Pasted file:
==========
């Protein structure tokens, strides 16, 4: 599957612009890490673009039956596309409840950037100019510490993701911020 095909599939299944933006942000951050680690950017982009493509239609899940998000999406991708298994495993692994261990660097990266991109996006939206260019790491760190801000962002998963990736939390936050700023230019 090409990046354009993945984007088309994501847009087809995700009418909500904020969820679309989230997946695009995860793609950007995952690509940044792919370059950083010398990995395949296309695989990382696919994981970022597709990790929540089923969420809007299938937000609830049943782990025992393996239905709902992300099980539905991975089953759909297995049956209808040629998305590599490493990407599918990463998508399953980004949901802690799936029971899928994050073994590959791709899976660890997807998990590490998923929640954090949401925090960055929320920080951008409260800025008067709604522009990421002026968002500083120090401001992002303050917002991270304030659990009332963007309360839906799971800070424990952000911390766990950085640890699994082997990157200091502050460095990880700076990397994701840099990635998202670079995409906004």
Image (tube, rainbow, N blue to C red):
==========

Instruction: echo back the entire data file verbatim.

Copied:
């Protein structure tokens, strides 16, 4: 599957612009890490673009039956596309409840950037100019510490993701911020 095909599939299944933006942000951050680690950017982009493509239609899940998000999406991708298994495993692994261990660097990266991109996006939206260019790491760190801000962002998963990736939390936050700023230019 090409990046354009993945984007088309994501847009087809995700009418909500904020969820679309989230997946695009995860793609950007995952690509940044792919370059950083010398990995395949296309695989990382696919994981970022597709990790929540089923969420809007299938937000609830049943782990025992393996239905709902992300099980539905991975089953759909297995049956209808040629998305590599490493990407599918990463998508399953980004949901802690799936029971899928994050073994590959791709899976660890997807998990590490998923929640954090949401925090960055929320920080951008409260800025008067709604522009990421002026968002500083120090401001992002303050917002991270304030659990009332963007309360839906799971800070424990952000911390766990950085640890699994082997990157200091502050460095990880700076990397994701840099990635998202670079995409906004």
Image (tube, rainbow, N blue to C red):